Mirror Mind in an Ayahuasca Ceremony

  • Ayahuasca and mystic states

  • Resemblance of an Ayahuasca experience to classical Buddhist "view" and meditation stage

  • Awareness reflects itself to itself through a giant surround mirror

Ocean and Waves - Awakened Awareness in Buddhist meditation
Ayahuasca preparation. Source: Terpsichore, Wikipedia

How I experienced a mystic Ayahuasca experience like a traditional Buddhist description of the mind reflecting itself to itself

Tiredly looking into the bathroom mirror in the morning normally does not give one an "ontological shift", such that nothing seems to be like it was before. One does not leave the bathroom as a changed person,merely from looking into that mirror.

One also does normally not know that the mirror is used in Buddhist meditation teaching as a core metaphor for the "awakened mind". Here an example from "The Precious Treasury of the Expanse and Awakened Awareness":

"The mirror of Kun tu bZang Po... is an extraordinary place, the main place that the gods and humans, eternal boddhisatvas, mahasattvas and dakinis aspire to...This is the initial metaphor of all metaphors for pointing out" (T. S. Gyaltsen et al., 2022, p. 985)

Ken Wilber names "mirror mind" a "major stage of meditation (e.g., gross, subtle, very subtle, mirror mind, nondual)." (Wilber, 2021)

And here is a short description of my personal one-off mirror-experience in a psychedelic ceremony. It lasted only a few minutes but totally changed me.

On a sunny afternoon, on the grassy land of a Dutch barn that housed an Ayahuasca ceremony, without preparation I looked into a very real and infinitely large surround mirror. The mirror had replaced my normal visual field. Wherever I looked, it was a reflection. The reflection had the characteristic to be somehow alive and scintillant. What did I see in the mirror? I saw myself, I saw the entire content of my consciousness. Everything I saw and experienced was "me". "My" consciousness was reflected in that mirror. But there was no real "me" as individual Self. There was one consciousness or awareness on both sides. Consciousness knew with absolute certainty, awe and gratitude that there was nothing except consciousness. There was no more separation between what was seeing and what was seen.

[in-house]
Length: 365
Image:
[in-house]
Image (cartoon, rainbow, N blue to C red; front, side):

This visceral deep experience had such a cognitive and emotional impact, that I thought about it for years. Eventually I "landed" in a Mahamudra meditation retreat, where something similar happened. Perhaps I was primed!

Meditation and and psychedelic mystic experiences can share features

In Mahamudra, such perception is variously described a mirror mind, reflective mind or similar. In essence, they describe "awareness being aware of awareness". There are many metaphors that describe this moment of re-cognition. Here a selection:

Mother meeting a long absent son